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Takeaways

  • Down Stream. Cultural institutions integrating live streaming and e-commerce took hold in China during lockdown, the British Museum’s two-hour broadcast is both an engaging communication tool and a means of generating much-needed revenue.
  • Leveraging Partnerships. Working with Fliggy helps the museum reach new audiences and furthers its relationship with Alibaba, a company which already platforms the sale of its IP products created specifically for the Chinese market.

 

Most of the six million annual visitors to the British Museum brave the crowds only to settle for an obscured glimpse of the Rosetta Stone. On June 30, however, Chinese fans of Egyptian archeology enjoyed the artifact unencumbered by needling elbows or cellphones held aloft as the London institution hosted a two-hour live stream on Fliggy, the travel subsidiary of tech giant Alibaba.

Closed since Mid-March, the live stream, hosted on the apps of Fliggy and e-commerce platform Taobao, toured pristine, vacant galleries offering the 370,000 viewers much-appreciated exclusivity — many filled the comment section with witty quips on skipping lines and beating the crowds. The move is in line with enterprising spirit of the British Museum which has repeatedly prioritized connecting to Chinese audiences in recent years. 

Recommended ReadingThe Art of Cultural LivestreamingBy Richard Whiddington
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After developing a strong social media presence on WeChat and Weibo throughout the 2010s, the museum has ventured into e-commerce and became the first international museum to launch on Alibaba’s online retail platform Tmall in 2018. Aside from enhancing its profile among Chinese cultural devotees, selling hieroglyphic jewelry, Hokusai stationery, and collaborative creations with Chinese brands is highly lucrative — it made $51 million in its first year online. Its latest initiative, the Fliggy live stream, is an astute integration of its informational and commercial successes. 

Beginning with an introduction on the building’s architecture from Commercial Director Roderick Buchanan, the camera passed to a docent who guided viewers — with only a little hand shakiness — to Egyptian sculpture, through ancient Greece and Rome, and into the depths of Islamic art. Concise Chinese-language translation accompanied discussions of each artwork and transitions between galleries offered an opportunity for viewers to discuss and interact.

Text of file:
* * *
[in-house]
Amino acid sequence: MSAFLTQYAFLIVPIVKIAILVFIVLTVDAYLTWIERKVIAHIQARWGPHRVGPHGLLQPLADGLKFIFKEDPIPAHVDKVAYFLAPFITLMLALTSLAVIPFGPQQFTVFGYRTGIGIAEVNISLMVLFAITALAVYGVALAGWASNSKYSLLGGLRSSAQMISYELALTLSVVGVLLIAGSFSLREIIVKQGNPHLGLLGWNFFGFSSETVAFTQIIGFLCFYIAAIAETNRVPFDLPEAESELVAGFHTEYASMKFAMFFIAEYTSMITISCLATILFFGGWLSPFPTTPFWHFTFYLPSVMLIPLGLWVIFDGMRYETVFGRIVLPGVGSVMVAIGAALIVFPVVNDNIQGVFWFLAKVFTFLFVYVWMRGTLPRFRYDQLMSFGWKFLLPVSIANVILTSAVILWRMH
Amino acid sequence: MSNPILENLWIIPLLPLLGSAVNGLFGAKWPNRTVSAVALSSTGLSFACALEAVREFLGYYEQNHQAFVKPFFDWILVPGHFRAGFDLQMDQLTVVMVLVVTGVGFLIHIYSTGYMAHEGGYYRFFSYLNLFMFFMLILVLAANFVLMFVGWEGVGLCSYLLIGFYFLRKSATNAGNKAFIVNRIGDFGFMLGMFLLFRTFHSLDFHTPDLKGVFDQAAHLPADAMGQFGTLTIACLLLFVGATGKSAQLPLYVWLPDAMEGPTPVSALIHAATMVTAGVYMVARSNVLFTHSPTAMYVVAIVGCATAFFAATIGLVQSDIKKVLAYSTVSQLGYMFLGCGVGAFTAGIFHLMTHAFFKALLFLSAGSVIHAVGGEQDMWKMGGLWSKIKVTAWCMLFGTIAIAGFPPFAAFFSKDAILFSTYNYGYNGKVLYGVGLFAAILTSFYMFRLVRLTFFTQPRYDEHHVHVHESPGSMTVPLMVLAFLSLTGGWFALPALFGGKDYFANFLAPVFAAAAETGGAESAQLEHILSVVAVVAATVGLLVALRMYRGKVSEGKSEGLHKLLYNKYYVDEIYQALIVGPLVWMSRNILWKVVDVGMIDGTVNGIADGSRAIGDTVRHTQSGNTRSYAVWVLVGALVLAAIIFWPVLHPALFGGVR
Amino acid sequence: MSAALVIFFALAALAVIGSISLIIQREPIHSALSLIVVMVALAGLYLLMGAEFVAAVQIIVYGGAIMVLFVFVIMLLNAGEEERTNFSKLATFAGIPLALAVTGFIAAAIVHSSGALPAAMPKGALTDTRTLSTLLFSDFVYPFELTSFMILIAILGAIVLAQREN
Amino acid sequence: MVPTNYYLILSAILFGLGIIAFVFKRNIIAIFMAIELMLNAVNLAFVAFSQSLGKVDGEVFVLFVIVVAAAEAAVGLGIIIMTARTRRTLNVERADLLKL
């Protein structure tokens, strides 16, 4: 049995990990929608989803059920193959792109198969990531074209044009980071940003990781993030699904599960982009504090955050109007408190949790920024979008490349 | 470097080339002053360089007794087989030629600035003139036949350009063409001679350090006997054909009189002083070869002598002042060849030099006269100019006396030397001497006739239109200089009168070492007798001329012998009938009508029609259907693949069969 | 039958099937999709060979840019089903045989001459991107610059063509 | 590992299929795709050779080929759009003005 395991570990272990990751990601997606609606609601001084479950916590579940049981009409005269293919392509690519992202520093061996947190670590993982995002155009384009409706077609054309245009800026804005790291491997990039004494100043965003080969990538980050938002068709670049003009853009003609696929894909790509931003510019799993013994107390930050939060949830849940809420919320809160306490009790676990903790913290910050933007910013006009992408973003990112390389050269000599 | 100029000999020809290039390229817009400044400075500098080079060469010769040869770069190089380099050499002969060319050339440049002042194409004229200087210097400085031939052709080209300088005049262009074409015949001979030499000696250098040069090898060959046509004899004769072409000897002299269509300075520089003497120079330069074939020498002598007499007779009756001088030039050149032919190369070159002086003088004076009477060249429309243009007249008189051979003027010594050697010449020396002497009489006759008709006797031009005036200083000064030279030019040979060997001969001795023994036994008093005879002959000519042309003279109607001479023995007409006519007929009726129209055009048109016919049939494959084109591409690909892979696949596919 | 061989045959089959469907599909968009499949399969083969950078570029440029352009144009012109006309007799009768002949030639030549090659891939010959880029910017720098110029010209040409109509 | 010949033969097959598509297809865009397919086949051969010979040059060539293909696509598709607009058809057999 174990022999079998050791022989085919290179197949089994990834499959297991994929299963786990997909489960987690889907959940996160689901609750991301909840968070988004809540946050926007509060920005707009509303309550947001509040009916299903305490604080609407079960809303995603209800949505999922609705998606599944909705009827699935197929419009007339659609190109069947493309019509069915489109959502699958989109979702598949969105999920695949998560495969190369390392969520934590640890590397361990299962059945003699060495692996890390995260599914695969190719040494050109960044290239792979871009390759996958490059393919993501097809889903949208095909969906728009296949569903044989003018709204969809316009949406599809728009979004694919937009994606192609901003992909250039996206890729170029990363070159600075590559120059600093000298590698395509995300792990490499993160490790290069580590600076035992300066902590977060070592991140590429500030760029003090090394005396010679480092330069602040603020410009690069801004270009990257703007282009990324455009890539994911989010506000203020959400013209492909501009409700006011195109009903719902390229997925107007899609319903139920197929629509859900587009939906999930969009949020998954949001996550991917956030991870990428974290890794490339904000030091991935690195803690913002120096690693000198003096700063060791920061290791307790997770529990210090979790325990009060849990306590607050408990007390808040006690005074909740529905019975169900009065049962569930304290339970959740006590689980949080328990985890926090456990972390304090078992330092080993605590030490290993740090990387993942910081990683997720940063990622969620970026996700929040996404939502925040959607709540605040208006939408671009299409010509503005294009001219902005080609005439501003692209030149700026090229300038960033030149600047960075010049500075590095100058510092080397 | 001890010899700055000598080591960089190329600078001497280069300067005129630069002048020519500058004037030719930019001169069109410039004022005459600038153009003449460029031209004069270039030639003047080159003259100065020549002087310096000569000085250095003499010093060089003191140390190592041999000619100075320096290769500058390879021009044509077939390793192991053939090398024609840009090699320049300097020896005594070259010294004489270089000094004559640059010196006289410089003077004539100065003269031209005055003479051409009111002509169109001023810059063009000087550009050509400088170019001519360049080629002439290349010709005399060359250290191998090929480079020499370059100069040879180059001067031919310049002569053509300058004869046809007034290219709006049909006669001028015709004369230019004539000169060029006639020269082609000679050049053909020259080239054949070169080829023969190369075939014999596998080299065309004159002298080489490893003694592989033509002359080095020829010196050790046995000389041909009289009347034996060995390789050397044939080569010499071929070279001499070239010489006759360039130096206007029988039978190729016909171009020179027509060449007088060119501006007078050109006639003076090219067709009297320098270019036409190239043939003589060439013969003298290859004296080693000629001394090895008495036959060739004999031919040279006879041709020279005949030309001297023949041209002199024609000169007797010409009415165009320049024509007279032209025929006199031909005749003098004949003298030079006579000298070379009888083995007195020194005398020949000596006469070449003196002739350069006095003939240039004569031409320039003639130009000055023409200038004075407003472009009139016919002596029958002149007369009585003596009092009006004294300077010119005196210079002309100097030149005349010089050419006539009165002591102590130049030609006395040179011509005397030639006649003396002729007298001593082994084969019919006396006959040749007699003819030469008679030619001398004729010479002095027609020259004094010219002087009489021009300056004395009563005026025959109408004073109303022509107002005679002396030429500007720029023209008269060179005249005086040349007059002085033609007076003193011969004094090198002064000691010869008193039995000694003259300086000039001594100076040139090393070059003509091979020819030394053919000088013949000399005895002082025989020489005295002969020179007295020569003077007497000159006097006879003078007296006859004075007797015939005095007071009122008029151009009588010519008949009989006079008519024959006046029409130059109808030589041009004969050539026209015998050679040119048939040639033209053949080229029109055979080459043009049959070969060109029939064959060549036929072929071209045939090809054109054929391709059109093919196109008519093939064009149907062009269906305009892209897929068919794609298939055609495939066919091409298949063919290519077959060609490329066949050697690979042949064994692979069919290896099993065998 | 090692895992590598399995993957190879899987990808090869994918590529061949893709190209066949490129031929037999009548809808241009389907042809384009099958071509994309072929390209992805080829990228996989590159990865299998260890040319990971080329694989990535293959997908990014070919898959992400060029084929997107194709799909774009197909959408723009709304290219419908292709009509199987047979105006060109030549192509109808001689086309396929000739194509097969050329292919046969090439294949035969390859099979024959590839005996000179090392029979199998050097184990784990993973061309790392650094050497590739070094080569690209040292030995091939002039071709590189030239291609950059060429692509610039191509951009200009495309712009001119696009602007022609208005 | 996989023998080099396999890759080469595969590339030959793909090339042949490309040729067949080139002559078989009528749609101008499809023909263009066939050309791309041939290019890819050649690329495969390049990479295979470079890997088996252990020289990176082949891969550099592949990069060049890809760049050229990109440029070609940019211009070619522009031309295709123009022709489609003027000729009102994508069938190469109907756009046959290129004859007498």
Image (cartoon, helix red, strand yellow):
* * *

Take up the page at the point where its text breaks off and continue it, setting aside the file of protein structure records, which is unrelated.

The British Museum

The British Museum received 116k likes throughout its two-hour broadcast on Fliggy and Taobao apps. Image: Peter Huang

On the commercial side, viewers were able to purchase British Museum merchandise directly on the live stream through tapping on links that popped-up at the bottom of the page. The trend of cultural institutions integrating live stream tours and e-commerce accelerated exponentially in China during the lockdown and Fliggy’s series “Cloud/Virtual Travel Europe” is bringing the practice to European museums.  

In May, Fliggy partnered with tourism boards across Finland, France, Germany, Serbia, and the United Kingdom and ran a five-day live stream campaign that included a wildly successful tour of the Palace of Versailles (the Weibo video has more than one million views). Fliggy is striving to rival Chinese travel competitors, such as Ctrip and Qunar, for overseas market share, live streams at prominent cultural institutions will continue and the company has revealed plans to host more than 100 daily overseas live streams. 

As for the British Museum, its next China move is the launch of a four-month long pop-up shop inside Shanghai’s Shimao Festival City, its boldest physical maneuver on the ground in China yet. Not bad for a museum yet to announce a reopening date.

Edited by Richard Whiddington

Categories

Cultural Collaborations, CultureTech